The Commission wants protections for people driving these types of vehicles in case the car’s automation goes wrong. This could be for a range of offences like running a red light or speeding.
Instead of the driver getting charged with an offence, the report suggests that the organisation or company responsible for the technology should be held accountable.
The report also argues that a driver of such a vehicle should be redefined as a “user-in-charge”.
The aim of the proposed rules is to ensure that the correct legislation is in place to encourage innovation and the uptake of autonomous vehicles in the UK.
Transport minister Trudy Harrison said the introduction of self-driving cars in the UK "has the potential to revolutionise travel, making everyday journeys safer, easier and greener".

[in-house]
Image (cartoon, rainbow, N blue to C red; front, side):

Fully autonomous vehicles are not yet legal on UK roads and there are people who warn that the transition to these cars could be dangerous.
AA president Edmund King said: 'While many technological elements of automation or automatic lane-keeping systems will bring in safety benefits, we should not be encouraging drivers to take their hands off the wheel until these systems are regulated and fail-safe.
Despite concerns, It is expected that self-driving vehicles will be legal in the UK by the end of the year.